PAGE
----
I didn’t find any of the characters especially hard to develop.  I had my three central characters, and the others just sort of introduced themselves and went on from there, playing off the main ones.


Did your book require a lot of research? If so, what kind?

Any book involving history requires a lot of research.  If you set a story in a specific era you have to make sure that everything your characters see, hear, smell, taste, and touch reflects that era.  They have to think and act in accordance with their times, and do so in ways that seem natural.  And if they’re involved in certain documented historical events, you have to know when and how they happened.  You can’t just look up dates and stick people in period clothing. You have to know about every aspect of life at that time, such as what people ate, how they cooked it, the kind of furniture they had in their homes, what tools they used, how they travelled, how different social classes interacted, how holidays were celebrated and a host of other things.  Even if you don’t use all the information you collect, you have to know it.


What do you do when you’re not writing?

I read, watch TV, go to the theatre, look after home & family, let two cats in & out of the house, feed, water, and pet these same cats on demand, and, occasionally, travel.


What, if anything, bugs you when you read a novel?

Having it written in the present tense.  Unless it’s supposed to be an ongoing diary, I really don’t get off on everything being that immediate.  After I open up a book I’m interested in and find it’s written in the present tense, chances are very good that I won’t read it.  Another thing that will keep me from going on with a book is coming across several errors. Not just one or two – several. This mostly just applies to books dealing with historical eras or foreign locales with which I am familiar, or some aspect of child behavior that is off in some way. If it was to do with cooking, art, sports, maths, or something technical, the author could make a hundred errors, and I’d never know. 

How can we find you? Website, Facebook, Twitter, blog, etc.?

I have a website, reneeduke.ca, and I am on Facebook, both of which are to be re-vamped soon.

EXCERPT:

The box was made of basswood, a light, almost white coloured wood. Delicately carved roses adorned each of its sides, with larger, but no less intricate, roses on the lid.
Prying the lid off, Mrs. Marchand said, “This medallion’s solid gold. It’s of Armenian origin and had already been in the family for generations when it came into the hands of a William of Roseheath around  ten-seventy-seven.  Like most English surnames, ours wasn’t in common use then, so that’s probably a reference to some place he lived near.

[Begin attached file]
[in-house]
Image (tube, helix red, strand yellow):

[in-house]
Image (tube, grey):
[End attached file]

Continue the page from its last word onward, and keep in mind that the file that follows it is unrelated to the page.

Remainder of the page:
“In any case, this William was quite taken with the medallion. He claimed it had mysterious powers. It was just kept in a pouch in his day though. A couple of centuries later, a Roswold Wolverton commissioned someone to make this box for it and had a rather curious verse put inside the lid.”
She turned the box lid over so Dane and the others could see the words carved into it.  “’Tis for youth to call its own,
By speaking words in proper tone.
And up to five times be guided,
To those whose fate be not decided.
For divers lives must come to blend,
Ere the roses’ peregrinations end.”
“Peregrinations?” said Paige. “What on earth are peregrinations?”
“Travels,” said Uncle Gareth.
“Then why couldn’t he have just said travels?”
“Because people back then seldom used a small word if they could use a big one.”
 “Hmph,” said Paige.
Dane had a different question. “Which rose is it talking about?” he inquired. “The box is covered with them.”
“It must be the one on the medallion,” Jack said as Mrs. Marchand lifted the finely crafted object out from the folds of a piece of dark blue velvet. 
The front of the medallion had a solid, perfectly formed five-petal rose projecting from its otherwise flat surface. The back was completely flat, but when Mrs. Marchand turned it over, a stamped image was revealed. One of the two human figures depicted was a weary-looking old man with a long beard. He was seated on the back of a huge eagle with his right hand resting on the shoulder of a young girl. The girl stood before him, her own hands cupped and elevated to receive the single rose he held in his other hand. Both wore simple robes and beneath their sandal-clad feet were the words: ROSAE ADULESCENTIAE OMNIA TEMPUS REVELAT.
“That’s Latin,” said Jack. “It means, ‘To…to the rose of…youth…time reveals all’.”


3 comments:

  1. Thank you so much for having me on your blog today, Penny

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  2. Accuracy in historicals does take a lot of time, doesn't it?

    Nice excerpt!

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    Replies
    1. Thank you. I love reading about different periods in history, even when I'm not researching.